As the property was a tenement for most of its life, let’s take a look at some of the residents. As I have noted before, the city directories prior to 1880 did not contain street-level information making determining who lived in a house very difficult. Here on Vesper Street, I am going to start in the early 1880s.
In 1881 and 1882, Herbert and Emma Davis lived in #30. They had two daughters. Herbert was a brakeman for the Grand Trunk railroad.
After the Davis family moved out of # 30, George and Mary Card took up residence. The Cards were from Bowdionham where George learned the carpentry trade from his father. They married in 1856 and had 6 children. The 1880 census found them living in Yarmouth where George was working in a shipyard. They lived here until 1889 when they moved to the Libby’s Corner neighborhood. George continued to work as a carpenter but there is no information on where.
In 1882 Edward and Sarah Capen took up residence at #32 Vesper Street. They were both natives of the city. Edward was born in 1835 and Sarah in 1838. They married in 1860 and had 6 children 2 of them dying in infancy. Edward’s family name went back to early Massachusetts. He worked as a machinist at the Portland Company. The Capens lived at # 32 until 1896 when they moved to Atlantic Street. Edward died in 1909 and Sarah in 1929.
In 1903 a cooper named William Jackson lived in # 32. #30 was the home of Edwin and Lottie Edes. The Edes were from the Bangor area and had married in Portland in 1896. They had 2 sons, William and Leroy. Edwin finished furniture for the Thomas Beals Company on Market Street. By 1910 the Edes were living in Guilford with Edwin’s widowed father.
The 1910 city directory listed Charles & Grace Woodman lived at #30 Vesper Street. They had two sons, George and Charles Jr. Charles Sr. worked as a blacksmith for the Portland Company.
#32 Vesper Street was the home of William & Mabel Randall and their 3 children, Eleanor, Alberta, and Herman, all under the age of 4. Mabel’s mother Irene lived with them as well. William was a teamster.
The Plummer family owned 30-32 Vesper Street through WWI. When Charles A died in 1919, his widow Mary inherited the property. Her ownership is noted in the 1924 tax rolls. Their daughter Marion had married a bank clerk from Massachusetts named Clifford Emerson in 1906. After Charles’s death, they moved to Portland with their 3 children and Clifford became the treasurer of the Plummer family business. When Mary died in 1937, Marion inherited our subject.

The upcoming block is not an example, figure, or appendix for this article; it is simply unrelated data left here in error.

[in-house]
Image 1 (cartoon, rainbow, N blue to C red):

The 1926 directory listed Moses and Eleanor York living at #30 Vesper Street. Moses was a clerk for the Plummers. They lived here from 1924 to 1927. it was a second marriage for both. They had no children.
At #32 Vesper Street was Howard and Ella Chase. Howard was a traveling salesman for a firm from Boston. They had no children. They lived here from 1923 until 1927.
In 1942, Renaldo and Florence Terroni lived in #30 with their 8-year-old daughter Ursula. Renaldo worked as a helper in the South Portland Shipyard.
#32 was the home of Perley and Evelyn Roberts. Perley was a painter for United Neon located on Elm Street. They had a son, David, who died in 1943 at the age of 10.
In 1949, Marion Plummer Emerson sold # 32 Vesper Street to Charles J Peters. The city directories for 1950 & 51 listed Charles & Elsie Peters here. Charles’ vocation was listed as “owning apartments at 140 Pine Street” and “real estate” respectively. Charles and Elsie married in 1949 as well. They moved to Gorham and rented #32 to some of Elsie’s family members before selling it to her brother Wallace Way in 1959. Way sold it to an Elizabeth Peters in 1964. She may have been related to Charles but I cannot determine that.
The history for #30 is not clear. Marion was listed as the owner in 1950 but the deed trail goes cold until the 1990s when it reappears when the properties were ‘reunited’. The current owner purchased them in 2010.
30-32 Vesper Street is listed as a two-family residence.The condition is very good.